Gone are the days of a college dining programs expecting to attract students just because it’s located on campus.
Today’s college students have smarter, savvier culinary preferences, and it’s causing university foodservice operators to change their game to keep them on campus instead of crossing the street for something better. C&U operators understand that many students have the disposable income to dine off-campus. Therefore, they must be competitive with both the variety and quality of their food offerings to keep them on campus.
However, what does “better” mean, and how do demographics drive it?
For starters, it’s all focused on Generation Z, the largest demographic segment in the history of humankind. Based on Bloomberg analysis of United Nations data, Gen Z will comprise roughly one-third of the entire global population this year, edging out Millennials as the largest demographic for the first time.
Depending on which source your reference, a quick scan of the internet shows the following Gen Z character traits:
- Less use of television
- Hyper aware – they know what’s going on all of the time
- More focused on products versus experiences
- Entrepreneurial and competitive
- Motivated by security
- Digital natives, having grown up with connectivity
- Diverse and multicultural
So based on just a cursory review of Gen Z, how do their likes and dislikes, and general characteristics translate to college and university foodservice? How are they changing menus and service delivery? What hot flavor profiles do they crave?
Let’s take a look.
If Gen Z is the most diverse and multicultural generation in our nation’s history, it goes without saying our college dining centers should reflect that. Additionally, college and university campuses are often filled with international students and faculty, giving on-campus dining facilities a greater reason to include ethnic and multi-cultural menu options. Flavor trends will certainly change from year to year, but the fact they’re becoming more diverse will not.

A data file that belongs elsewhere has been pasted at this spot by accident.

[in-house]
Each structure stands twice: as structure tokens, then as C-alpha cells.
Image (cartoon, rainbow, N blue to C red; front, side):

Gen Z is eating healthier for themselves and the world at large. They’re looking for better ways to engage in sustainable practices, and food choices are a large part of those efforts. From salad bars to meatless burgers, college and university foodservice directors enjoy a growing list of products and ingredients that make it easier to provide meat-free meals. Plant-based or vegan menus also assist in keeping food cost at a reasonable level. Animal proteins are typically more expensive than plants and plant-based menus are better for the planet.
Yes, we just mentioned sustainability to some degree by mentioning plant-based meals, and yes, we’ve already talked about sustainability on college and university campuses in a previous blog, but we cannot overstate how important sustainable practices are to Generation Z. From fresh and local sourcing, to sustainable seafood and antibiotic-free proteins, this generation cares about clean, sustainable food more than any in history.
A SENSE OF COMMUNITY
Though some say Gen Z is more concerned with a quality product than a quality experience, when it comes to dining, experiences still matter. Eating isn’t just about feeling full or accessing nourishment; it’s about finding a place to unwind, to socialize, and having a sense of community, an important aspect of college life that can often be so difficult to find for those who are new to campus.
“There’s school or work and there’s home, but how do you create this kind of third-place getaway?” asks Costel Coca, a design principal at Anaheim-based Webb Foodservice Design in an article in Foodservice Equipment & Supplies magazine. “That’s what companies like Starbucks have done so effectively, and that’s where much of college and university dining is headed,” he says. “When we start thinking about kitchens and foodservice, we’re now starting with the experience and the story we want to tell in the facility before getting to its functional aspects. It’s about a couple of key factors. One is a desire to create a neighborhood vibe, and that’s being done, in part, via micro restaurants. We’re designing restaurants more than we are food stations, and there’s a heightened focus on the aesthetic value of the facility.”
Generation Z is one of the digital natives, essentially meaning they were raised with smartphones from the very beginning. They’ve been “connected” their entire lives. With this level of technology usage comes an expectation that technology should make our lives easier, and this mentality extends to foodservice. From mobile ordering to convenient pick-up, the next generations expect technology to play a major role in how they eat. Sustainability is an important college and university foodservice trend. Would you like to learn about more relevant trends? Download our free 2019 Foodservice Trends Guide to see the other trends impacting our industry.
Demographics is just one of many factors that’s already impacting college and university foodservice. Be sure to download your copy of our e-report that lists the top trends you can expect in the 2019-2020 school year.